Raising the Quality of Experience Bar


Per Wikipedia¹, quality of experience (QoE) is defined as: “The degree of delight or annoyance of the user of an application or service. It results from the fulfillment of his or her expectations with respect to the utility and/or enjoyment of the application or service in the light of the user’s personality and current state.

In other words, a service’s experience is, of course, subjective but also dependent on and benchmarked against a person’s expectations based on past experiences.

In the 1960s, witnessing a TV broadcast in color for the first time was such a transformative experience that if people had been surveyed, they would have given the experience the highest QoE score.

Today’s viewers are accustomed to an excellent TV experience, which has raised the bar. Further improving QoE requires a relentless focus on ensuring that every building block of the video service contributes to this goal.

As TV service providers embrace new technologies to make their services available on more screens in and outside the home, they need to go beyond ensuring that the quality of experience is on-par with traditional TV services that are delivered via a managed IPTV or QAM STB. Their service needs to match or exceed what new entrants like OTT service providers offer.

Consequently, TV service providers and broadcasters are on a journey to transform their technology stack and operations. The goal is to become more nimble and agile while at the same time meeting increasing viewer expectations.

We at Broadpeak are especially focused on supporting our customers in this journey by providing products and solutions that deliver the best possible quality of experience.

In this blog we will discuss some of the prime features and capabilities of our products and solutions that reinforce QoE.

Video Delivery

The most radical transformation happening is the adoption of adaptive bitrate (ABR) streaming by TV service providers. This is being driven by the need to deliver TV services — linear TV and video on demand (VOD) — to consumer devices.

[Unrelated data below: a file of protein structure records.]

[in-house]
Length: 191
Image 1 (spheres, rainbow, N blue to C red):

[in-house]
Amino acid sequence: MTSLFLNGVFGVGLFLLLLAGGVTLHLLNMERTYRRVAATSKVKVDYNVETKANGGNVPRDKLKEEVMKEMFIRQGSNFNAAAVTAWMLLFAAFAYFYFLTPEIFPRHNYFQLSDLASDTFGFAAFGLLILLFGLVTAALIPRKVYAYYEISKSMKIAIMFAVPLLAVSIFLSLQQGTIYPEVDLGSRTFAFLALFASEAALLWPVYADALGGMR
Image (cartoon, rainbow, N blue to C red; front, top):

Initially ABR streaming was aimed at so-called second screens, such as mobile and tablet devices, in and outside the home, but now it includes the Connected TVs inside homes.

The shift of delivering video to the main screen using ABR protocols such as MPEG-DASH and Apple HLS has further stressed the importance of a scalable and optimized audio and video delivery pipeline for these new delivery protocols.

To enable the delivery of ABR streams in a scalable manner, service providers must leverage content delivery networks (CDNs).

The Unicast CDN

A unicast CDN is a distributed network of interconnected caches that automatically stores parts of content closer to the subscribers based on its popularity. This ensures that subsequent requests for the same piece of content can be served from a cache rather than having to pull the content all the way from the source/origin.

The base concept of a unicast CDN is that of a reverse proxy. Each cache is a reverse proxy that terminates a request from a playback device and attempts to serve the request with local cached instances of the content in the first place. In case the requested content is not present locally it attempts to retrieve the content from other caches or from the origin. The retrieved content is cached along the retrieval path so that subsequent requests can be served locally.

This is a dynamic method of caching that is driven by the popularity of the content and by the size of the different caches. Indeed, as the cache fills up the oldest and least recently requested cached content is removed from the cache.

When implementing a CDN for ABR streaming, it is important to place the CDN caches at appropriate locations in the network based on the expected peak playback requests originating in the different parts of the network. The size of these caches should be based on the expected popularity of the content.

Hierarchical Cache Topology

Given the dynamic nature of the caching it is important that each playback request is directed to the most appropriate cache. Additionally, it is essential to build a hierarchy of caches to optimally distribute the content across the network according to its popularity. Here, having a CDN topology and functionality that can serve the most popular content from the edge of the CDN and maintain a good portion of the long-tail content in more intermediate locations is essential to achieve optimal trade-off between storage/processing and network bandwidth costs.


Broadpeak Advanced CDN
Figure 1. Hierarchical caching topology illustrated.

Also depending on the cache versus egress ratio, different types of cache servers and quantity of servers can be used in such a topology to build a cost-effective CDN.